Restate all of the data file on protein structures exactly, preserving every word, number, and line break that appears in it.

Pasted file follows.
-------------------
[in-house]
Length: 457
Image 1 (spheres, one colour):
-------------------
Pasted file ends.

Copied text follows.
[in-house]
Length: 457
Image 1 (spheres, one colour):